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	     A Democratic Barbecue.
bed, because of the presence of  that  ere loafer
with his black eye,    which by the way he has
got painted.
  11.  Tuesday.  Writing up a column of artist-
news till noon, then to the office with it.      Free
for the rest of the day.    Billington up in the
afternoon.    Writing and drawing ( Nick-nax  block.)
Haney to supper and subsequently, till past 10.  He
came to accompany me in another 4th ward expedi-
tion, but the disagreable, half-rainy night deferred
  12.  Wednesday.  To the Office.     Sent off to
Jones  Wood to report a  Barbecue,  in honor of
Douglas and democracy.     Rode thither in a crow-
ded 3rd Avenue car, amid the  unterrified  and
the unwashed, fellows with dirty teeth and im-
perfectly-shaven necks.  Let my  World  descrip-
tion tell the rest of the details:

[newspaper clipping: first column]
  Passing the beggars, the lager bier stalls, the
weighing and blowing machines, pedlars of Douglas
medals, and venders of miscellaneous merchandise lin-
ing the avenues to the grounds, the scene presented on
entering was a very lively one, though at that time
(12:30), not more than two thousand persons had ar-
rived.  As intimated, however, the crowd kept
momentarily increasing.  Strolling hither and
thither, the spectators found more than sufficient
means of amusing themselves.  There were lager
bier stalls, games of chance, four stands for public
speaking, the major one gaily decorated with flags
and banners, and a good band which played continu-
ously.  There was Blondin s rope, stretching over the
trees, the daring Frenchman aloft in a box, superin-
tending the fastening of the guys, and his agent
whom he carried pick-a-back over Niagara, standing

[newspaper clipping: second column]
on the grass, obeying his chief s directions.  Best of
all there were the preparations for feeding the multi-
tude.  These transpired in an open area covering
about half an acre, closed in on three sides by trees,
and on the fourth by the fence surrounding the
 weed.   A stake rail, about three feet high, had
been erected to keep off the crowd.  Within this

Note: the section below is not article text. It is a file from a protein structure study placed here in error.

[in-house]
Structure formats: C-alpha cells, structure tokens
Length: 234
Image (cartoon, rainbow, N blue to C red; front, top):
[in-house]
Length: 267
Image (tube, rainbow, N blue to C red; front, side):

were the edibles and their appointed distributors.
  Such spectators as had felicitated themselves on
the prospect of beholding the roasting of an ox,
were disappointed.  The ox was present, but cut up,
dissevered and dissected.  A large square hole, ex-
cavated in the side of a hill, and a ponderous spit,
like a young tree with handles, but the aid of which
the carcase, impaled upon the spit, was said to have
been roasted, remained, plain to everybody s view,
but these scarcely sufficed to convince the incredu-
Title:Thomas Butler Gunn Diaries, Volume Thirteen: page two hundred and twenty-seven
Description:Includes newspaper clipping written by Gunn for ''The New York World,'' describing a barbecue for Douglas.
Subject:Billington; Blondin, Charles; Boley, Susan; Douglas, Stephen A.; Food; Gunn, Thomas Butler; Haney, Jesse; Journalism; New York world.; O'Brien, Fitz James
Coverage (City/State):[New York, New York]
Coverage (Street):3rd Avenue
Scan Date:2011-01-29


Title:Thomas Butler Gunn Diaries, Volume Thirteen
Description:Includes descriptions of boarding house living, his freelance writing and drawing work, antics of New York literary Bohemians, Frank Cahill fleeing for England after spending money that was meant for ''The New York Picayune,'' visits to the Edwards family, the state of Charles Damoreau's marriage, a sailing excursion to Nyack with the Edwards family and other friends on the Fourth of July, a fight between Fitz James O'Brien and House at Pfaff's, witnessing a fire at Washington Market, the execution of pirate Albert Hicks on Bedloe's Island, an excursion aboard the ship Great Eastern, a vacation at Grafton with the Edwards family, his growing friendship with Sally Edwards, Lotty Granville's behavior with Brentnall and Hill at his boarding house, Frank Bellew's return to England, and visits to dance houses in the Fourth Ward with friends for an article.
Subject:Boardinghouses; Bohemians; Gunn, Thomas Butler; Journalism; Marriage; Publishers and publishing; Women
Coverage (City/State):New York, New York; Grafton, New York
Note:Thomas Butler Gunn was born February 15, 1826, in Banbury, England, and came to New York in 1849. During the Civil War he worked as a correspondent for the New York Tribune and the New York Evening Post. He returned to England in 1863, and died in Birmingham in April 1903. The collection includes twenty-one volumes of his diaries, including newspaper clippings, letters, photographs, sketches, and various other items inserted by Gunn. Diary entries date from July 7, 1849, to April 7, 1863, and include his experiences with the New York publishing and literary world, his descriptions of boarding houses, his travels throughout the United States, and his experiences traveling with the Federal army as a Civil War correspondent.
Publisher:Missouri History Museum
Rights:Copyright 2011 Missouri History Museum.
Source:Page images, transcriptions, and metadata of the Thomas Butler Gunn diaries have been provided by the Missouri History Museum.